In a recent speech at the 41st Annual Central Banking Seminar, sponsored by the Federal Reserve Bank of New York, Federal Reserve Board Governor Jerome H. Powell discussed financial innovation. Powell is rumored to be President Trump’s leading contender for Federal Reserve Board Chair, and a formal announcement could be made as early as later this week.

His remarks focused on how technology is changing the delivery of retail banking and payments services, and he discussed the roles of banks, fintech companies, and other stakeholders in moving the United States forward to a better payment system. He also reviewed the Federal Reserve’s collaboration with these payment system stakeholders in pursuing that goal. He argued that, “for policymakers as well as the private sector, the challenge is to embrace technology as a means of improving convenience and speed in the delivery of financial services, while also assuring the security and privacy necessary to sustain the public’s trust.”

With respect to retail banking innovation, Governor Powell noted the role of fintech platforms in supporting access to credit through “innovative approaches to gathering and analyzing data,” which “may allow a lender to quickly monitor and analyze more up-to-date data from a broader range of sources, including those outside of the traditional lending process, to verify an applicant’s identity and make inferences about the applicant’s overall financial health.” He observed that “[w]ith this additional information, the bank would have a more complete picture of an applicant’s day-to-day activity and overall financial capacity, and potentially a greater ability to provide credit to customers, including some who might have been otherwise denied a loan based on traditional data.” He also noted that fintech companies are finding ways to use banks’ data, in some cases without entering into an explicit partnership with the bank. One example of this is how fintech companies, with customers’ permission, “have increasingly turned to data aggregators to ‘screen scrape’ information from financial accounts.” Reiterating concerns that other policymakers have expressed, Governor Powell cautioned that these technologies also pose issues regarding data security and safety, as well as consumer privacy and protection.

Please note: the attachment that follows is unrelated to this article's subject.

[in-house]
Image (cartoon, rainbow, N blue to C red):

As with retail banking, Governor Powell discussed how retail payments “will need to evolve to meet consumer expectations of constant connectivity and instant access while assuring security and privacy.” He observed how innovation in retail payments can also offer tangible benefits to consumers beyond convenience, such as improvements in security, especially the ability to authenticate consumers and detect fraudulent transactions. “Consumers will not store their funds in a system that is not secure and will not want to transfer funds out of an otherwise secure system if the process is cumbersome,” he stated.

Although his remarks highlighted payments innovations from fintech firms and banks alike, he emphasized the “special role of banks in the payments process, and how banks are needed in order to create innovations that can be used broadly across the economy.”

Governor Powell also provided an overview of the Federal Reserve’s efforts to improve the U.S. payments system (which we reported on previously), and noted that the Federal Reserve plans to launch a study in early 2018 analyzing payment security vulnerabilities and will establish work groups focused on approaches for reducing the cost and prevalence of specific payment security vulnerabilities.